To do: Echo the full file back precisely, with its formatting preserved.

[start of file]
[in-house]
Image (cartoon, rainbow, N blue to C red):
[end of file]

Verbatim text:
[in-house]
Image (cartoon, rainbow, N blue to C red):